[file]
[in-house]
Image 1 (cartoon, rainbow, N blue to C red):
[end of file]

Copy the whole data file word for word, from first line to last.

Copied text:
[in-house]
Image 1 (cartoon, rainbow, N blue to C red):